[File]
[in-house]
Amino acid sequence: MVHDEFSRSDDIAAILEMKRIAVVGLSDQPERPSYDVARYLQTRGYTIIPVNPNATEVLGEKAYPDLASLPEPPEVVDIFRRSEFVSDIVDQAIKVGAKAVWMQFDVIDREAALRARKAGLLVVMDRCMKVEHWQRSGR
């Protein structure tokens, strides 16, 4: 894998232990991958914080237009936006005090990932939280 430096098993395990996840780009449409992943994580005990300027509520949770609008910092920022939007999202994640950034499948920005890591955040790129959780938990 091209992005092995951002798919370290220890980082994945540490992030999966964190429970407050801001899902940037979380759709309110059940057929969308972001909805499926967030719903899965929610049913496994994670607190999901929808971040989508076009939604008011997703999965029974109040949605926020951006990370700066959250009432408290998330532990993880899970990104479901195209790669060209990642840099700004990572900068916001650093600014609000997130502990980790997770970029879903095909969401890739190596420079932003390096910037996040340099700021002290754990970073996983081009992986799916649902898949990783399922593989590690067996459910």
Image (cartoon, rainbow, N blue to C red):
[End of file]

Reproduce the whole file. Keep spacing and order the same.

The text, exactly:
[in-house]
Amino acid sequence: MVHDEFSRSDDIAAILEMKRIAVVGLSDQPERPSYDVARYLQTRGYTIIPVNPNATEVLGEKAYPDLASLPEPPEVVDIFRRSEFVSDIVDQAIKVGAKAVWMQFDVIDREAALRARKAGLLVVMDRCMKVEHWQRSGR
């Protein structure tokens, strides 16, 4: 894998232990991958914080237009936006005090990932939280 430096098993395990996840780009449409992943994580005990300027509520949770609008910092920022939007999202994640950034499948920005890591955040790129959780938990 091209992005092995951002798919370290220890980082994945540490992030999966964190429970407050801001899902940037979380759709309110059940057929969308972001909805499926967030719903899965929610049913496994994670607190999901929808971040989508076009939604008011997703999965029974109040949605926020951006990370700066959250009432408290998330532990993880899970990104479901195209790669060209990642840099700004990572900068916001650093600014609000997130502990980790997770970029879903095909969401890739190596420079932003390096910037996040340099700021002290754990970073996983081009992986799916649902898949990783399922593989590690067996459910």
Image (cartoon, rainbow, N blue to C red):